Desperate business owners at Elliot Stables food court are crowdfunding for legal fees to fight for an injunction as they face threats of closure from their landlord.
The group has now engaged a lawyer and a started a Givealittle page in the hope of raising the $30,000 it needs for its legal battle.
Luis Cabrera, who owns Latin American eatery Besos Latinos, says a meeting he and the group's lawyer Kate Sheehan had with the landlord, the Icon Group, last Tuesday failed to reach a resolution.
He said of the 13 businesses, four had extended their leases in order to get extra rent relieve and seven had been issued with Property Law Act (PLA) notices and given 30 days to pay their arrears or face further action.
The besieged businesses have for months been struggling from the impact of low foot traffic because of the Covid-19 lockdowns and City Rail Link construction, and have not been able to pay their monthly rents and operating expenses.
Icon group's general manager Denise Kyne did not return the Herald's messages and emails on Sunday.
Cabrera said the city had been a ghost town and his eatery had just two customers yesterday.
"The landlord has asked me for a structured plan of repayment, but I don't even have money left to pay power and taxes after paying staff," Cabrera said.
"The construction work is making it impossible for people to come to the city, more are working from home, there is just no business."
Cabrera said last week his takings were about $4000 but his staff payroll alone was $3800, leaving him just $200 to cover all other expenses including rent.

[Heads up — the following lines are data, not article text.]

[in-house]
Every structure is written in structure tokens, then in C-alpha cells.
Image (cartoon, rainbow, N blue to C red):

"It's now cheaper for us to just shut our businesses rather than to keep them open," he said.
Cabrera said he was appealing to the landlord for a rent reduction - at least over the CRL construction period - but had been told they would not negotiate.
The tenants had been served legal notices by The Icon Group through a number of lawyers, costing them about $1700 each.
Cabrera said most of the tenants have until late October to pay what they owe or face being locked out.
"We are now just placing our faith on our lawyer and hope she can help," he said.
Lawyer Kate Sheehan said in an email she had been instructed to act for the tenants who, as a group, were seeking an injunction or stay of enforcement of the PLA.
"They are clearly in an economically dire situation. In the absence of the landlord's willingness to negotiate any further rent relief, the courts are the last bastion of hope," Sheehan said.
Sheehan said the Government's arbitration funding of $6000 to help businesses negotiate disputes with their commercial landlords was also a case of "too little too late".
"Given that it only applies to tenants who have not had any previous rent relief at all will not apply to the majority of tenants, rendering the package anything but useless," she added.
A Givealittle page has been set up by one of the affected business owners, Michael LeRoy-Dyson, who runs the Attic Backpackers on the top floor of the building.
"Not only have we lost our customers which means we have no revenue, but our landlord is demanding payment and threatening to takeaway our businesses, homes and livelihoods," the page says.
"We have a lawyer who is willing to take on the big guys and fight our battle with us. We need assistance to fund the legal fees and costs. This has been estimated at $30,000, but any amount of money will help."
As of Sunday afternoon, 21 donors had given $1015.
The Icon Group told the Herald in June it had offered tenants rental relief worth about $675,000.
Link to the Givealittle page https://givealittle.co.nz/cause/small-business-help